9. Now we have verified the system is working. Next, we can schedule the automatic report. To do so, we need to check “Enable Schedule” and also “Enable Email delivery”. A quick reminder: we would like to receive a pointer to the report via email each working day. We first need to set the web directory the reports are to be stored to and enable email delivery. It is all done in the following screenshot:
Figure 7: Enabling Email delivery and report scheduling options
The “Email Options” and “Scheduled Options” become colored and are now available.
10. Now we need to configure the email options. Click “Email Options…”. We assume the web server (192.168.0.1) is also acting as a mail server. The emails should be sent to “firstname.lastname@example.org”. With that, the dialog looks like follows:
Figure 8: Configuring Email notification settings
Important: make sure the values match your configuration! This is vitally important because otherwise MoniLog is incapable of sending email correctly. Click “OK” to apply the new settings.
11. Next, click the “Report Options…” button. As we schedule reports only on working days, we need to tell MoniLog that it should include all those events occurred since its last run into the reports. We cannot leave the default of 24 hours, as this would exclude the weekend’s events. So change the “Report Type” option to “From last run till now” as seen below.
Figure 9: Setting Report Options form
Click “OK” to apply the setting.
12. Lastly, click on “Schedule Options” to set a schedule. As long as no schedule is set, no reports will be generated automatically. In our sample, we let MoniLog generate reports each working day at 8:00 in the morning. Weekends are not enabled. The dialog looks like this:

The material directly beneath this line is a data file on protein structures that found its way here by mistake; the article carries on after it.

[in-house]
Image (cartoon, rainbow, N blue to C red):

Figure 10: Configuring report generation schedule
13. Click on “OK” to apply the settings.The MoniLog service has not yet been started. It generates the scheduled reports (so you don’t need to run the client in foreground).
14. To conclude your configuration of MoniLog, start the service. To do so, select “Service”, then “Start Service” from the menu. This will start the service. During setup, the service is set to start automatically with system startup. So there is no need to manually restart the service after a reboot.
MoniLog is now completely configured. You will not immediately receive reports, because they will only be generated at 8am each working day. So you need to wait for the next morning. If you would like to change the schedule to have an immediate feedback, please go to “Schedule” and change the time to be a few minutes in the future. Then click “OK” and restart the service. This can be done via the “Service” menu. A restart is necessary because the service reads changed parameters at startup, only.
Please Note: The only difference between configuring your reports to be generated either from Log Files or on underlying database is Step 2. From Step 3 onwards settings are the same.
You are done!
Well, this is all you need to do to configure the basic operations. Once you are comfortable with the basic setup, you can enhance the system with local pre-filtering of event, enhanced logging and alerting (with MonitorWare Agent) and changing report options (with MoniLog / MonitorWare Console).
What is recommended setting for MoniLog and Why?
Let’s quote Rainer Gerhards, design lead for the overall MonitorWare line of products, here:
Typically, MoniLog should work with Log Files, and not with the database. As using files is the recommended way with MoniLog. Why is it recommended? Because it is much faster! Why do we support database, too? Because this allows easier integration e.g. with the Web Interface! Would I recommend MoniLog and database if a customer also needs to run the Web Interface? In most cases: No! From a performance point of view its better to create both text files and database content.